As a consequence, the requirements of Article 123(2) EPC are met.

4. Exceptions to patentability:

Claim 1 does not include methods for treatment of the human or animal body by surgery or therapy and diagnostic methods practised on the human or animal body in view of the fact that the use of ribose is limited to normal healthy subjects. Thus, the above- mentioned methods are not claimed so that Article 53(c) EPC does not apply.

5. Clarity:

The term "normal healthy subjects" clearly defines the target group to which ribose is administered as subjects not suffering from any diseases. The requirements of Article 84 EPC 1973 are therefore met.

6. Novelty:

Documents (1), (3), (4), (6) and (7) concern the use of ribose in connection with cardiac diseases. Document (2) describes a study of the influence of various carbohydrates including ribose on disturbed energy metabolism. Document (5) describes the use of ribose for the treatment of patients suffering from myoadenylate deaminase deficiency. In none of these documents is ribose administered to normal healthy subjects.

Document (8) also discloses administration of ribose to a patient suffering from myoadenylate deaminase deficiency. However, this document includes a study comprising a control group of nine healthy men to whom ribose is administered (see Summary of document (8)). However, document (8) is not detrimental to the novelty of present claim 1, as the ribose was not administered in order to enhance skeletal muscle performance of the control group, but simply in order to obtain a reference for the patient suffering from myoadenylate deaminase deficiency, as far as the metabolites serum glucose, plasma free fatty acids, serum lactate, serum ammonia and serum hypoxanthine are concerned (see page 152, Table 1).

As a consequence, the subject-matter of claim 1 and of dependent claims 2 to 4 is novel (Article 54(1) EPC 1973).

7. Inventive step:

Claim 1 of the main request is directed to the use of ribose for enhancing skeletal muscle performance of normal healthy subjects.

As regards the definition of the closest prior art, the board concludes that, in view of the fact that the claimed use concerns non-therapeutic enhancement of skeletal muscle performance, documents (1) to (7), which are directed to the use of ribose for treating pathological conditions, do not qualify as closest prior art.

Document (8) also concerns the use of ribose in the treatment of a disease, i.e. myoadenylate deaminase deficiency. However, as was already mentioned in point 6 above, this document includes a study comprising a control group of nine healthy men to whom ribose was administered. This study reveals that intake of ribose results in a higher increase in plasma lactate concentration after 30 minutes of exercise in the healthy subjects (see page 153, last three full paragraphs on the right hand column). A possible explanation for this increase is that ribose is degraded to lactate via the pentose-phosphate pathway in the muscle cell, which provides the cells with additional ATP (see paragraph bridging pages 153 and 154) and thus with additional energy.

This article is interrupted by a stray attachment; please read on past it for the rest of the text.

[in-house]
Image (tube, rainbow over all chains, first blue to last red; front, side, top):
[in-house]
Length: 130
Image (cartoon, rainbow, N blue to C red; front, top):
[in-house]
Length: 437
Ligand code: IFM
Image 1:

However, a closer look at the experimental conditions shows that the tests were carried out after an overnight fast which the MAD patient and the control subjects were required to undertake (see first complete paragraph of the left-hand column on page 152) so that an undue accumulation of ADP and AMP in the MAD patient and a consequent decrease in the energy yield from ATP leading to muscle cramps could be avoided. For the normal subjects the selected level of exercise was arbitrary and of no significance. All this test shows is that giving a carbohydrate, in this case ribose, as energy source to starved subjects provides cellular ATP by degradation of ribose to lactate via the pentose- phosphate pathway. The same effect would have been obtained by using another carbohydrate such as glucose. This test has, however, no relevance for healthy subjects in their normal state. As a consequence, document (8) is not pertinent for inventive step, either.

The board is of the opinion that document (10) constitutes the closest prior art. Document (10) relates to avoiding or delaying the onset of muscular fatigue with athletes and enhancing their muscular performance by administering creatine and a carbohydrate such as glucose (see page 9, lines 1-4 and 12-14); examples 1-4; claims 1-7).

As a consequence, the technical problem underlying the present application can be seen in the provision of a further method for enhancing skeletal muscle performance of normal healthy subjects. The problem was solved by the method as claimed in claim 1, i.e. by using ribose as active agent. In view of the results described in example 2 of the present application, the board is convinced that the problem was plausibly solved.

In view of the fact that there are no indications in the available prior art that ribose is capable of enhancing skeletal muscle performance in normal healthy subjects, the skilled person had no reason to replace creatine and glucose, which are the active agents of document (10), with ribose. As a consequence, the subject-matter of claim 1 and of dependent claims 2 to 4 involves an inventive step (Article 56 EPC 1973).

8. In view of the above, the appellant's sole is allowable.

ORDER

For these reasons it is decided that:

1. The decision under appeal is set aside.

2. The case is remitted to the first instance with the order to grant a patent with the following claims and a description to be adapted: claims 1 to 4, filed with the letter of 20 April 2010.